Who takes it: 

When are they taken:

What are the results used for:  Students and parents may use the PreACT results to help students prepare for the ACT and to compare individual student learning with that of other students across the nation. They may also use results to inform decisions about high school classes and college and career pathways. Teachers, school, and the district use the results to plan curriculum and instruction and compare the achievement of groups of students with that of similar groups across the nation. The state reports the results by school on their website for accountability purposes. 

  ACT

What is it:  A norm-referenced achievement test that has been selected by the Nebraska Department of Education to measure state standards in English language arts, math, and science. 

Who takes it: 

When are they taken:

What are the results used for:  Students and parents may choose to report the ACT results to colleges for use in college admission and scholarship decisions. They may also use the results to inform decisions about high school classes and college and career pathways. Counselors may use the results to advise students on college and scholarship opportunities. Schools and the district use the results to compare the achievement of groups of students with that of similar groups across the nation and to plan curriculum and instruction. The district also uses the results in the evaluation of some grants and to meet the state norm-referenced reporting requirement for high school. The state and federal government use the results for accountability.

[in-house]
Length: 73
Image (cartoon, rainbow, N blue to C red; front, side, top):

NSCAS (Nebraska Student-Centered Assessment System) 

What is it:  Summative assessments developed by the state in core subject areas. The tests are designed to provide a picture of how students are progressing toward meeting academic standards. They provide an indication of whether students are “on grade level” based on state expectations.